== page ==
This month’s performance of Gateway to the Stars will feature some of the grandest objects in the universe – the “galaxies”!
For centuries, our Milky Way Galaxy was thought to house all of the components of the universe. But as telescopes got larger and detection methods became more detailed in the late 19th century, many clouds of gas (especially those described as “spiral nebulae”) were suspected to be separate galaxies distinct from the Milky Way (“island universes” in their own right).
In the early 20th century it was confirmed – the universe had thousands of other
galaxies in addition to the Milky Way, and the univese suddenly became a whole lot bigger. Now, with the help of the Hubble Space Telescope and new major ground-based observatories, we can confirm the existence of several hundred billion galaxies, each one containing anywhere from a few billion to over a trillion stars. Mind boggling, yes. But also an opportunity to understand how our universe has transformed and provided the right conditions for the creation of planets and life.
From the Earth, what we call the Milky Way (that faint band of light that sometimes stretches across the sky) is actually just a portion of two nearby sprial arms in our galaxy. We’re simply looking at our local galactic neighborhood. But the Spring skies are different – the Milky Way seems to be mostly absent in the sky! That’s because sometimes our planet is looking out of the plane of our galaxy, and so the band of the Milky Way seems to be laying around the horizon where it’s impossible to distinguish it from the horizon glow.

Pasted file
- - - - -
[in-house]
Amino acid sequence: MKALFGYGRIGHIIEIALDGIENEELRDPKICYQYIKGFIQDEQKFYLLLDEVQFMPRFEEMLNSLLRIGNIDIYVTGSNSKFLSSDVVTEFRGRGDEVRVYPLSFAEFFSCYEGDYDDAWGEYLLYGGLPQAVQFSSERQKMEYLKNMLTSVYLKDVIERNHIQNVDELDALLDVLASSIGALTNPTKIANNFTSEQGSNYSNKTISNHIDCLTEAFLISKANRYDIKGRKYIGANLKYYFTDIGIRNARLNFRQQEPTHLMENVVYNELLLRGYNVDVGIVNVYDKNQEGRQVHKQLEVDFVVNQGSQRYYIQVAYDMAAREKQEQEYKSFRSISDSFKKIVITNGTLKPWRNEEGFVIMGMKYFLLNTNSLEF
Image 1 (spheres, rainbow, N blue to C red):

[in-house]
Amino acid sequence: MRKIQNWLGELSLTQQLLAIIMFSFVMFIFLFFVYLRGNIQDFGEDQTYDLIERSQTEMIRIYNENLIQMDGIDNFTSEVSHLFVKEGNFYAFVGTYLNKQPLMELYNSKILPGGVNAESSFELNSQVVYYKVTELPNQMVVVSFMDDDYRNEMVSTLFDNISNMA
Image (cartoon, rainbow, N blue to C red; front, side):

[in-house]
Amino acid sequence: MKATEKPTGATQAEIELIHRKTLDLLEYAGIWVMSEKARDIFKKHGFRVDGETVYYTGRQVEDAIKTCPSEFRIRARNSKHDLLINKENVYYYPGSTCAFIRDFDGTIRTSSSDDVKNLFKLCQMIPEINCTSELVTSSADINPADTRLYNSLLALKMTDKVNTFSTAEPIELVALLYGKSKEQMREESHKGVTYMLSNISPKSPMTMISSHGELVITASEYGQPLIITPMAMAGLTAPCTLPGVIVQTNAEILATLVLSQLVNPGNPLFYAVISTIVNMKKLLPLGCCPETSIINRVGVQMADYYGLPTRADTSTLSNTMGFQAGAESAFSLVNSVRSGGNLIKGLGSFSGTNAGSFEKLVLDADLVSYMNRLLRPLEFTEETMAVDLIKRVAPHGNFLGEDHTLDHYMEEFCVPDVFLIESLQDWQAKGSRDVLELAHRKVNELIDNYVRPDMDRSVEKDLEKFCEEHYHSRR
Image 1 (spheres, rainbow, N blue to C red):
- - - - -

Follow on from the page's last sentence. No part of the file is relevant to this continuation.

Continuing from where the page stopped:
But that also means we don’t have the stars, dust and gas high in the sky to obscure our view of what lays outside of our galaxy. We get a fantastic opportunity, when the skies are clear and dark, to peer millions of light years into what’s called “intergalactic space.” And when you do, you will find the faint little blobs of light that represent other galaxies in space.
Of course, seeing galaxies requires a telescope (it doesn’t have to be your own!) and a star atlas so you know how to pinpoint them. That’s just a part of what we’ll demonstrate in the Gateway to the Stars show. We’ll give you tips on how to observe these distant relics of the universe.
However, there are other great objects to see right now - the Spring constellations, the Moon, the planets Venus, Mars and Saturn. But we’ll also give you a preview of how to best observe the Annular Solar Eclipse of May 20. The “annular” phase will be visible from southwest Utah (as long as the skies are clear of course!)